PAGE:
Moving on to Cluster B disorders, the first disorder is Antisocial Personality Disorder. The first major change here is with the prevalence rates. The DSM-IV states that this disorder occurs in approximately 3% of males and 1% in females with an overall diagnosis of 3% to 30%. In the DSM-5 however, it gives the prevalence rate of 0.2% to 3.3% with the highest rates being in males who have alcohol use or substance abuse disorders. The DSM-IV does not discuss in detail any age, gender, or cultural issues whereas the DSM-5 does. Another change for the Antisocial Personality Disorder is the addition of the differential diagnosis category criminal behavior not associated with a personality disorder.
The second disorder in the Cluster B disorders is Borderline Personality Disorder. The change from the DSM-IV to the DSM-5 begins with the prevalence rate. In the DSM-IV, the prevalence rate of BPD is stated to be about 2% of the general population whereas in the DSM-5 it states that up to 5.9% of the general population could meet criteria for this diagnosis. Furthermore, the DSM-5 goes on to state that this diagnosis may decrease with age and this is not stated in the DSM-IV. The next disorder in the Cluster B disorders is Histrionic Personality Disorder. The prevalence rate in the DSM-IV actually shows a higher rate of 2%-3% whereas the DSM-5 shows a rate of 1.84%. There were no changes for Narcissistic Personality Disorder.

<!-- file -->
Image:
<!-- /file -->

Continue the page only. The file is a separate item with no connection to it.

For the Cluster C disorders, they begin with Avoidant Personality Disorders; the only change was with the prevalence rate. It increased from the DSM-IV with a rate of 0.5% to 1.0% for the general population to the DSM-5 with a rate of 2.4% for the general population. The next diagnosis is the Dependent Personality Disorder. The prevalence rate is also one of the major changes for this disorder as well. In the DSM-IV a statistic is not given it is just simply stated that Dependent Personality Disorder is the most frequently reported disorder in mental health clinics. In the DSM-5 the percentage of 0.49% is assigned. The last Cluster C disorder is Obsessive Compulsive Personality Disorder. For the DSM-IV the prevalence rate is 3% to 10% and in the DSM-5 the rate is less with a percentage of 2.1% to 7.9%.
Finally, in the DSM-IV the last disorder to be applied was the Personality Disorder Not Otherwise Specified however in the DSM-5 there are three new categories which are Personality Change due to Another Medical Condition, Other Specific Personality Disorders, and Unspecified Personality Disorders. All of the changes made to the DSM-5 from the DSM-IV were meant to further clinician’s knowledge about Personality Disorders and their characteristics to provide the best possible care for their clients.